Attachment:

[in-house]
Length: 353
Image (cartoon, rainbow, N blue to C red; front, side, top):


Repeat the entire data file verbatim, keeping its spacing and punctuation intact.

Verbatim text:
[in-house]
Length: 353
Image (cartoon, rainbow, N blue to C red; front, side, top):